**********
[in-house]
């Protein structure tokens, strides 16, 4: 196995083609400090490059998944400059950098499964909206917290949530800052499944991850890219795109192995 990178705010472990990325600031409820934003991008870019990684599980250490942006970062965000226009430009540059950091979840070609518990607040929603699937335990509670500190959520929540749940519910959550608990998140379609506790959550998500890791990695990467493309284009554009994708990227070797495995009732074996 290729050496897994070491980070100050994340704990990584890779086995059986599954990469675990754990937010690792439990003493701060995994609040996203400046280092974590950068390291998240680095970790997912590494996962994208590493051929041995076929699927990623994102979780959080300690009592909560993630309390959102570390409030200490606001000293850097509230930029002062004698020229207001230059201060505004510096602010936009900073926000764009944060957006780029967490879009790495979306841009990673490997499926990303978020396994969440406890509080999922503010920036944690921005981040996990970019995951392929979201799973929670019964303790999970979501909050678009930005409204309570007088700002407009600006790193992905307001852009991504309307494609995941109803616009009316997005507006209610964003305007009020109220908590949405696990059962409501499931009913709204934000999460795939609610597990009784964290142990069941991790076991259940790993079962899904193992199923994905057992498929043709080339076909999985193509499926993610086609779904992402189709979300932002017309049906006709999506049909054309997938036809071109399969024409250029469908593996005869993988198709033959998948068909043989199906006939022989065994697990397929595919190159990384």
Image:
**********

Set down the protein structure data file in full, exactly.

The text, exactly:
[in-house]
């Protein structure tokens, strides 16, 4: 196995083609400090490059998944400059950098499964909206917290949530800052499944991850890219795109192995 990178705010472990990325600031409820934003991008870019990684599980250490942006970062965000226009430009540059950091979840070609518990607040929603699937335990509670500190959520929540749940519910959550608990998140379609506790959550998500890791990695990467493309284009554009994708990227070797495995009732074996 290729050496897994070491980070100050994340704990990584890779086995059986599954990469675990754990937010690792439990003493701060995994609040996203400046280092974590950068390291998240680095970790997912590494996962994208590493051929041995076929699927990623994102979780959080300690009592909560993630309390959102570390409030200490606001000293850097509230930029002062004698020229207001230059201060505004510096602010936009900073926000764009944060957006780029967490879009790495979306841009990673490997499926990303978020396994969440406890509080999922503010920036944690921005981040996990970019995951392929979201799973929670019964303790999970979501909050678009930005409204309570007088700002407009600006790193992905307001852009991504309307494609995941109803616009009316997005507006209610964003305007009020109220908590949405696990059962409501499931009913709204934000999460795939609610597990009784964290142990069941991790076991259940790993079962899904193992199923994905057992498929043709080339076909999985193509499926993610086609779904992402189709979300932002017309049906006709999506049909054309997938036809071109399969024409250029469908593996005869993988198709033959998948068909043989199906006939022989065994697990397929595919190159990384």
Image: